Pokernews.com has posted a two part interview conducted with Chris Vaughn and Sorel Mizzi discussing the recent online poker scandal involving these two well known players. Both players were found to have broken tournament rules when Vaughn sold his account over to Mizzi towards the end of a large poker tournament.
On October 2st, Chris Vaughn won the $1 Million Guaranteed on Full Tilt under his “BluffMagCV” screen name. No more than a week later he won the PokerStars Sunday Million tournament under his “SlippyJacks” account. Poker players dream of having such a rapid succession of wins in tournament play, and such incidents are rare, so certain members of the poker community raised their eyebrows in suspicion at this stroke of luck.Suspicions were recently confirmed when Soren Kongsgaard, who finished second to “BluffMagCV”, posted an email sent directly from Full Tilt Poker, stating that he had been declared the winner of the event due to “BluffMagCV” being disqualified.
It soon became clear that Vaughn’s victory on Full Tilt poker was not his own, but rather a direct result of “account selling,” the act of selling or turning over an account late in a tournament to a more seasoned online pro. Kongsgaard was quickly declared the true winner, and was awarded the first place prize, giving him about $76,000 more than he had originally won.
Nobody was exactly sure about what had happened, although suspicious players who had followed the story quickly focused on young online poker star Sorel “Imper1um” Mizzi, a known friend of Vaughn's. An investigation into the October 21st victory began, and the official story began to unfold due to a data trail left behind by the two poker players.
According to an interview conducted by Pokernews.com, Vaughn had made it to one of the final tables and with only 24 players left in the entire tournament his internet connection began to lag. Living a mere five minutes from work, Vaughn was considering making the drive over to Bluff Magazine, where he claims to usually play his poker games.
At the time, he was chatting online with his friend, Sorel Mizzi, explaining that he was thinking of driving to work, and asked him if he would take over for a few hands while he made the transition. Vaughn claims that “the reason I initially contacted him probably more so had to do with connection, but selling the account was completely a financial decision and was in no way anything else.” The conversation quickly changed as Mizzi offered to buy his seat from him to finish up the tournament.
According to the interviews on Pokernews.com, Vaughn makes it seem like the decision was quick, and completely out of the ordinary for him. He says that, “This is something that was a one-time – it was a one-time thing and I clearly didn't give it much thought, which is exactly why I got caught….But, I want to make it clear that this is something that was an isolated incident and it's not something that I've done in the past.”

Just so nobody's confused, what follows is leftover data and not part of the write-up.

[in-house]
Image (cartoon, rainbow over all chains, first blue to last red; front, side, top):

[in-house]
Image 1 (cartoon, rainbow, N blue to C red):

Many of the reactions have been over the top. Sorel Mizzi told Pokernews.com in his interview with them that he has already received physical threats since the incident. Such violence should never be justified, especially not for a matter such as this. The reaction by Full Tilt Poker terminating both players’ accounts, however, was fully justified and will serve to teach these men a tough lesson. Especially for Mizzi who, as a professional online poker player, will forever be banned from one of the premier poker sites. He admits that he is “…now limited as an online pro. I have lost good friends and my credibility.”
As for Chris Vaughn, being a member of the poker media, the situation has had quite a different impact for him. The Sunday Million tournament that he won on October 28th has been thoroughly investigated and all evidence suggests that he won the tournament completely on his own, with no outside help whatsoever. The staff over at Bluff magazine has also given Chris their full support, citing that the incident was a mistake made by Chris, completely of his own volition and has nothing to do with his job as an editor at Bluff.
According to a statement released by Bluff Media regarding the Chris Vaughn incident:
"Bluff Media in no way, shape, or form condones the actions of Chris Vaughn. We were extremely unhappy, and disappointed. However we feel that Chris has always acted in a professional manner at BLUFF in the past, and we have no plans for terminating his employment with the company. He has been given a warning, and is on probation. We hope that we can all move past this, and learn from it."
Although this scandal continues to be a searing issue in forums, there are many valuable lessons to be learned from Vaughn and Mizzi’s mistakes. They have both come forward, and have fully admitted to wrongdoing in a responsible and professional manner. Furthermore, they are not the first to partake in such activity, as account buying continues to be an issue that poker sites must learn to combat. As for Chris Vaughn and Sorel Mizzi, they are both fully paying for their mistake and must at least be given credit for their efforts to clear up the situation and for the manner in which they have stepped forth to accept their responsibility.